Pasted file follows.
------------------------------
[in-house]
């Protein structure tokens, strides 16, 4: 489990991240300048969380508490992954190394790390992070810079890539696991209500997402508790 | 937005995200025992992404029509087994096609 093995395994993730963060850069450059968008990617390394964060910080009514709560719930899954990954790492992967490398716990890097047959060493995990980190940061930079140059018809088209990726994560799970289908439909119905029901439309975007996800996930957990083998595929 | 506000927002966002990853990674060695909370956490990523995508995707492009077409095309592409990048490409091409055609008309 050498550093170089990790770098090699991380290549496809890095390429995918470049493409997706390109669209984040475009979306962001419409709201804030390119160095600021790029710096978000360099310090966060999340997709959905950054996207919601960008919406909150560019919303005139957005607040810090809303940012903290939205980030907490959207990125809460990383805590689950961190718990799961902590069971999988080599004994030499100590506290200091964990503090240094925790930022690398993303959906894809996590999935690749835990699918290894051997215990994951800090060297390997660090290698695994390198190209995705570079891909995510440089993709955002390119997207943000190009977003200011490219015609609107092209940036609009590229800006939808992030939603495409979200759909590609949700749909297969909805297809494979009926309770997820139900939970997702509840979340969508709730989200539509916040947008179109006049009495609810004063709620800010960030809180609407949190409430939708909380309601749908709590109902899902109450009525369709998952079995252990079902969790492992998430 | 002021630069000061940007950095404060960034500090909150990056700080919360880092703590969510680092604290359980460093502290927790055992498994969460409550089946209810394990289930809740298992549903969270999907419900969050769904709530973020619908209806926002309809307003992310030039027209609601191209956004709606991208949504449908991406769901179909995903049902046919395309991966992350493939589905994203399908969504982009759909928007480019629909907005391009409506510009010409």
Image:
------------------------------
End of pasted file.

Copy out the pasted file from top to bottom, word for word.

[in-house]
């Protein structure tokens, strides 16, 4: 489990991240300048969380508490992954190394790390992070810079890539696991209500997402508790 | 937005995200025992992404029509087994096609 093995395994993730963060850069450059968008990617390394964060910080009514709560719930899954990954790492992967490398716990890097047959060493995990980190940061930079140059018809088209990726994560799970289908439909119905029901439309975007996800996930957990083998595929 | 506000927002966002990853990674060695909370956490990523995508995707492009077409095309592409990048490409091409055609008309 050498550093170089990790770098090699991380290549496809890095390429995918470049493409997706390109669209984040475009979306962001419409709201804030390119160095600021790029710096978000360099310090966060999340997709959905950054996207919601960008919406909150560019919303005139957005607040810090809303940012903290939205980030907490959207990125809460990383805590689950961190718990799961902590069971999988080599004994030499100590506290200091964990503090240094925790930022690398993303959906894809996590999935690749835990699918290894051997215990994951800090060297390997660090290698695994390198190209995705570079891909995510440089993709955002390119997207943000190009977003200011490219015609609107092209940036609009590229800006939808992030939603495409979200759909590609949700749909297969909805297809494979009926309770997820139900939970997702509840979340969508709730989200539509916040947008179109006049009495609810004063709620800010960030809180609407949190409430939708909380309601749908709590109902899902109450009525369709998952079995252990079902969790492992998430 | 002021630069000061940007950095404060960034500090909150990056700080919360880092703590969510680092604290359980460093502290927790055992498994969460409550089946209810394990289930809740298992549903969270999907419900969050769904709530973020619908209806926002309809307003992310030039027209609601191209956004709606991208949504449908991406769901179909995903049902046919395309991966992350493939589905994203399908969504982009759909928007480019629909907005391009409506510009010409």
Image: